And we need to be vigilant about recognizing the multiplicity of the food movement because assuming it is elitist only exacerbates the problem. I have had friends and family members refuse to shop at farmers’ markets because they think that these sites of exchange are “for rich people only.” When we start to think that every farmers’ market is like the Greenmarket in Union Square (a fairly pricey farmers’ markets) we invisibilize the thousand other farmers’ markets that are serving good food at fair prices that benefit both the producer and the consumer. Maybe some of these communities don’t identify their work as “food justice.” Maybe some urban agriculturalists don’t relate to the term “farmer.” But that doesn’t mean that these individuals and initiatives aren’t active, essential participants in growing the food movement.
Q: Are there any particular moments that stand out for you as the most memorable?
A: For me, the most memorable moments during my research were almost always when watching my farm managers, Shella and Deborah, at work on the farm. Both women were so gracious and generous to passersby. Observing their compassionate approach to farming—and their willingness to engage with strangers—strengthened my understanding of urban agriculture as a site for social change. The porous boundaries of a city farm put many different people into contact with one another. I was always amazed at how my mentors navigated working at the intersection of such diverse worlds.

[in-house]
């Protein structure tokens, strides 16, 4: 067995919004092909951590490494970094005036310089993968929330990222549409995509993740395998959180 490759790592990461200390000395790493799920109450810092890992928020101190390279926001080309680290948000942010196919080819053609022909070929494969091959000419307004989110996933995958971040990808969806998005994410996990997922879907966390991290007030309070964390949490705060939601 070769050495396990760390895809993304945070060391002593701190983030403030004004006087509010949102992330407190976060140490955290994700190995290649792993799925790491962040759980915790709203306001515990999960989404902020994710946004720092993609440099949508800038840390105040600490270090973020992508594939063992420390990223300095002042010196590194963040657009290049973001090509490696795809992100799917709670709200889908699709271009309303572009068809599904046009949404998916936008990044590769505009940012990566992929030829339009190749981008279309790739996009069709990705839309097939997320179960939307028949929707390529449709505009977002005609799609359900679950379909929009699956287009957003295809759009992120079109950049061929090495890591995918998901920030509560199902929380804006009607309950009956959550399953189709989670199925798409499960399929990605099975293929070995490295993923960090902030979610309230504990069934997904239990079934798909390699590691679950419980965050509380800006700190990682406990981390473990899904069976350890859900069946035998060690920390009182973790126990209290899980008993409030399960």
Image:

Q: How did your research change or broaden the meaning of community for you?
A: My experience at East New York Farms! affirmed for me just how fluid community is. We are always coming into a sense of community as our surroundings—and the people within these places—shift. I didn’t always feel like I “belonged” on the farm. In spite of this, I continually felt grateful that I got to work in this place and with these people. Communities aren’t static. There’s a potent beauty in realizing that the community you are integrated in or are seeking to integrate into is perpetually in flux. You’re always finding your footing as you are losing your ground and that is what gives us the momentum to keep growing, learning and connecting with one another.
Working on the farm taught me a lot about the necessity of compassionate critique, both in how I handled my own personal shortcomings and in how I considered urban agriculture in the context of the alternative food movement. Exercising compassion in your interactions is essential: My experience at East New York Farms! truly drove that point home.